If you have listened to Episode 4 or 5 of We Are Rivers, (“Beauty and Risk in The Grand Canyon and “Glen Canyon”) you already know how near and dear to me the Grand Canyon is. It is my favorite place in the world, a place where I have both seen incredible beauty and faced uncomfortable challenges. My most memorable river story comes from the heart of the canyon, on a three-week private river trip in 2017, tagging along with my best friend’s family. For those of you unfamiliar with water in the Grand Canyon, it is huge, with rapids ranging from an easy class 1 to a challenging class 10. The moment I will share was spent rowing a dory through a class 7 rapid (or, rather: attempting to).

To describe what a dory is, for those who don’t know, is a daunting task. Dorys, to state simply, are wooden boats that have a habit of exploding on impact with rocks. The sound of splitting wood is heard by every serious dory man or woman at least once in his or her career. Some beaches in the canyon were quite literally lined with dory splinters. Who knows how far back the stories of each shattered piece–perhaps a gunnel, bow frame, or an ambiguous chunk–extend. Forever unknown and lost to the canyon, holy relics of their own now.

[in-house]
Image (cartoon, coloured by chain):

By contrast, rafts are of a sensible design pioneered for the rational man or woman, made out of blown up rubber so that they can bounce off objects, and they rarely pop.

On this trip, I was both lucky enough and unlucky enough to row a dory. Lucky because when sitting in a dory floating down the Colorado River, there is a feeling of connection to the water so intense that it’s incomparable to any other craft except for maybe a kayak. Riding in a dory through a rapid as sharp rocks and cascading canyon walls swirl by, feeling every kick of the water and every oar adjustment, every moment is punctuated.

But perhaps the most compelling aspect of the dory is its history. To be at one’s oars is to feel the poetry of the canyon, knowing very well that the original boats to run through were wooden and explosive, too. All the many stories that have floated through the canyon bubble up in one’s core. It carries a certain badge of honor, and it represents the age old struggle of the contending forces of past and present.